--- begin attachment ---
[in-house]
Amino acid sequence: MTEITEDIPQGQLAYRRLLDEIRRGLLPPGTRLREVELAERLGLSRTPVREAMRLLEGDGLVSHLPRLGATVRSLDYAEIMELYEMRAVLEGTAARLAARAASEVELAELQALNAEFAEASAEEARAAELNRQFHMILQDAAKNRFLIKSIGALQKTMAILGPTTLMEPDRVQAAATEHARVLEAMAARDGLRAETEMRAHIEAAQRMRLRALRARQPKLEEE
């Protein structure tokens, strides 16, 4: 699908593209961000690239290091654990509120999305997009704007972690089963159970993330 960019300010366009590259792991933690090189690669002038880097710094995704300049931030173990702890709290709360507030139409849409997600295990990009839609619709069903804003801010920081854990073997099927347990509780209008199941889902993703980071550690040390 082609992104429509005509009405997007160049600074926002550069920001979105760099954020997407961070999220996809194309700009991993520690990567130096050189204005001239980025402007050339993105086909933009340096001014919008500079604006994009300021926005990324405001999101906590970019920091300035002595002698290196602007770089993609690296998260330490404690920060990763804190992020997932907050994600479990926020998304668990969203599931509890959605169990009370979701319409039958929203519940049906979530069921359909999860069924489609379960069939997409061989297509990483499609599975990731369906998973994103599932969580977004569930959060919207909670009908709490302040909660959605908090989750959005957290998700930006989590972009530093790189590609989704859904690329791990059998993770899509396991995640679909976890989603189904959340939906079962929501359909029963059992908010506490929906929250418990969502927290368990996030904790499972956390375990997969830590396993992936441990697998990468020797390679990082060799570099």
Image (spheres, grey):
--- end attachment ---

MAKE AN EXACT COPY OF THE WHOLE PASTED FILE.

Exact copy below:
[in-house]
Amino acid sequence: MTEITEDIPQGQLAYRRLLDEIRRGLLPPGTRLREVELAERLGLSRTPVREAMRLLEGDGLVSHLPRLGATVRSLDYAEIMELYEMRAVLEGTAARLAARAASEVELAELQALNAEFAEASAEEARAAELNRQFHMILQDAAKNRFLIKSIGALQKTMAILGPTTLMEPDRVQAAATEHARVLEAMAARDGLRAETEMRAHIEAAQRMRLRALRARQPKLEEE
């Protein structure tokens, strides 16, 4: 699908593209961000690239290091654990509120999305997009704007972690089963159970993330 960019300010366009590259792991933690090189690669002038880097710094995704300049931030173990702890709290709360507030139409849409997600295990990009839609619709069903804003801010920081854990073997099927347990509780209008199941889902993703980071550690040390 082609992104429509005509009405997007160049600074926002550069920001979105760099954020997407961070999220996809194309700009991993520690990567130096050189204005001239980025402007050339993105086909933009340096001014919008500079604006994009300021926005990324405001999101906590970019920091300035002595002698290196602007770089993609690296998260330490404690920060990763804190992020997932907050994600479990926020998304668990969203599931509890959605169990009370979701319409039958929203519940049906979530069921359909999860069924489609379960069939997409061989297509990483499609599975990731369906998973994103599932969580977004569930959060919207909670009908709490302040909660959605908090989750959005957290998700930006989590972009530093790189590609989704859904690329791990059998993770899509396991995640679909976890989603189904959340939906079962929501359909029963059992908010506490929906929250418990969502927290368990996030904790499972956390375990997969830590396993992936441990697998990468020797390679990082060799570099």
Image (spheres, grey):